Indeed, these four species (while the lulav is a palm, it also refers to the whole bundle that includes the willow, myrtle and, sometimes, the etrog) are ones that specifically grow in Israel, which makes Sukkot a natural tie-in to the land, its agricultural rhythms, and by rights, a fitting time to celebrate national events that also celebrate the land, such as the Temple’s dedication. In Nehemiah 8, we find another tradition for the four species, including olive branches instead of willow branches, as is specified in Leviticus. We are also told that the people would cover the booths with these plants.
By the rabbinic period or even earlier, however, it is clear that the waving of the Four Species had become a commandment that is separate from that of the construction of the sukkah. The lulav and etrog also became symbols of the land. This can be deduced from coins that have been found from the time of the Bar Kochba revolt (132-135 CE), on which pictures of the lulav and etrog were found.
Today’s practice is to use the lulav and etrog every day during the Hallel (psalms of praise) and during the Hoshanot— hymns recited every day of Sukkot as we circle the synagogue, holding our lulav and etrog while singing the refrain hoshanah, “save us.” This is based on similar processions that took place when the Temple was still standing. The lulav has continued to be a poignant physical symbol following the period of intense spiritual reflection during the High Holidays.
Hoshanah Rabbah, the “Great Hoshanah” at the end of the holiday, on which people beat the willows, also represents the ultimate end to the period of teshuvah (repentance), at which point the very last decrees are issued from heaven. The custom of beating the willows has its origins in Temple ritual, where people would beat the willows on the floor near the altar in a symbolic destruction of sins.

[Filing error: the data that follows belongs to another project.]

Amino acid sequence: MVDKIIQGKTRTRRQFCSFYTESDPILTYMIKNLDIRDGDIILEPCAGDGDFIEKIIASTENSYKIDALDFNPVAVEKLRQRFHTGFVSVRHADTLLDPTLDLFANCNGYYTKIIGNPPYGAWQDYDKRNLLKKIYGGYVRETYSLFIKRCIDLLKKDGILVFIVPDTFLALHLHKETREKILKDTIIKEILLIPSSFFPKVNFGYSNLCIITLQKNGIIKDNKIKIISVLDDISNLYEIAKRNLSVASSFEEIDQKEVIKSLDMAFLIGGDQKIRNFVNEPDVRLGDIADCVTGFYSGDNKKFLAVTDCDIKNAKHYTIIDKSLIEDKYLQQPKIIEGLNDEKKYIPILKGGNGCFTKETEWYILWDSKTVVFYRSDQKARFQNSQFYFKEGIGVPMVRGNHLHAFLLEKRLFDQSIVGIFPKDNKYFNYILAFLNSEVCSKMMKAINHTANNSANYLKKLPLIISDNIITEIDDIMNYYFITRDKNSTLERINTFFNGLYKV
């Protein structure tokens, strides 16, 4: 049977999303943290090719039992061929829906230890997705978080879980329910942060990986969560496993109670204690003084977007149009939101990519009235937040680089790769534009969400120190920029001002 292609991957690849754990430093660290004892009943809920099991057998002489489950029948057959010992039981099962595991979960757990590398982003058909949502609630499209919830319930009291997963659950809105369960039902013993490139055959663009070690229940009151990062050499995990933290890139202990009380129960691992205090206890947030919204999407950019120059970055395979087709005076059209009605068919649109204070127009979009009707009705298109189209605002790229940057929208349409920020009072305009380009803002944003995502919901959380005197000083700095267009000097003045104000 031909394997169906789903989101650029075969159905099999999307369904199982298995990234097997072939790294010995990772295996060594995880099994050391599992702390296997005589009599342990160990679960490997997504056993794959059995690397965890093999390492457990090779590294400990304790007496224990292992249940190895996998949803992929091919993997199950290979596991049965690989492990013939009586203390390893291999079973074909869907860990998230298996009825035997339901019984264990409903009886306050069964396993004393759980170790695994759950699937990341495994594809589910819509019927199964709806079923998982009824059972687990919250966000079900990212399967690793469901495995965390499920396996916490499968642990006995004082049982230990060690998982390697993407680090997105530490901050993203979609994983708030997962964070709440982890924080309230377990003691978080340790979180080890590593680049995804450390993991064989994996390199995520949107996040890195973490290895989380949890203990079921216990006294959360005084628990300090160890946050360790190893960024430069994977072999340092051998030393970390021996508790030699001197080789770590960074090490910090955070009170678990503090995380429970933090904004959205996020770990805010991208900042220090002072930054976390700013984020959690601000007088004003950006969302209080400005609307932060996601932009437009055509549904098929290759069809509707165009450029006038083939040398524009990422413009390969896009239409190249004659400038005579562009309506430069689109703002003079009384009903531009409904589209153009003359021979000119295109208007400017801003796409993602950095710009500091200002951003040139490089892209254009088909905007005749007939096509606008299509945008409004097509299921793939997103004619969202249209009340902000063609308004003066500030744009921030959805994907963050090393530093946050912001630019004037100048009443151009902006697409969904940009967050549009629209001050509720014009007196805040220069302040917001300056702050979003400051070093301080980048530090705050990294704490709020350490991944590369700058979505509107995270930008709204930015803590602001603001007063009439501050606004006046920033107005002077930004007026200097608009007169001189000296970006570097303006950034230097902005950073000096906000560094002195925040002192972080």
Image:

When the Temple was still standing, there was a water libation that was performed only on Sukkot. It became a very joyous celebration known as Simchat Bet Hashoevah, at which festive performances took place. Today, some use this as a time to hold a party, or to have performances in their sukkot (the plural of sukkah).
Pronounced: ETT-rahg, Origin: Hebrew, a citron, or large yellow citrus fruit that is one of four species (the others are willow, myrtle and palm) shaken together as a ritual during the holiday of Sukkot.
Pronounced: LOO-lahv (oo as in boo), Origin: Hebrew, a bundle of branches representing three species — willow, myrtle and palm — which are shaken together with the etrog on Sukkot.
Pronounced: SOO-kah (oo as in book) or sue-KAH, Origin: Hebrew, the temporary hut built during the Harvest holiday of Sukkot.
Pronounced: sue-KOTE, or SOOH-kuss (oo as in book), Origin: Hebrew, a harvest festival in which Jews eat inside temporary huts, falls in the Jewish month of Tishrei, which usually coincides with September or October.